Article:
Retention and completion have become some of the most salient issues facing higher education institutions. Students’ ability to pay influences both access and completion, and the access agenda in the United States must change to include both of these aspects of college attendance. Eliminating student departures and increasing completion is a priority for many institutions. The higher education community has spent considerable resources on improving access and studying how financial aid influences enrollment decisions. However, most of the research focuses on the front end of the enrollment cycle. This study focuses on how access can move to completion with the use of financial aid. To provide clarity around the complexities of financial aid, the study offers an understanding of the influence of aid from a student’s perspective. Through a qualitative methodology using semi-structured personal interviews with low- and middle-income students, the study allowed the researcher to discover the more personal in-depth experiences of students and the influence of financial aid on their persistence toward a degree. Personal experiences provide an opportunity to comprehend the complex nature of financial aid and its impact on retention and completion from the perspective of these students. Understanding the influence of financial aid on persistence for low-income and middle-class families is important to the higher education community because it will help financial aid administrators and institutions to develop financial aid awarding policies that will have the greatest effect on retention and graduation rates.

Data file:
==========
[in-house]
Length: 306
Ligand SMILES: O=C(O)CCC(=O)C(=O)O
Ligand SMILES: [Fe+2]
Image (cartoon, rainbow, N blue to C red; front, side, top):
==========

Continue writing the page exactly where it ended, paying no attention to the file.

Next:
|Commitee:||Brinkman, Paul, Garland, Peter|
|School:||University of Pennsylvania|
|Department:||Higher Education Management|
|School Location:||United States -- Pennsylvania|
|Source:||DAI-A 80/01(E), Dissertation Abstracts International|
|Subjects:||Educational leadership, Finance|
|Keywords:||Financial aid, Policy, Retention|
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